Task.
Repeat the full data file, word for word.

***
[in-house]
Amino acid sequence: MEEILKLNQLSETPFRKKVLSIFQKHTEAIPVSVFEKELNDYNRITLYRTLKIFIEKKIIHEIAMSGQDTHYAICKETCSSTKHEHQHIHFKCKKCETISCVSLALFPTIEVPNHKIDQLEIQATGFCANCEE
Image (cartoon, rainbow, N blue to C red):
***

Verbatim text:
[in-house]
Amino acid sequence: MEEILKLNQLSETPFRKKVLSIFQKHTEAIPVSVFEKELNDYNRITLYRTLKIFIEKKIIHEIAMSGQDTHYAICKETCSSTKHEHQHIHFKCKKCETISCVSLALFPTIEVPNHKIDQLEIQATGFCANCEE
Image (cartoon, rainbow, N blue to C red):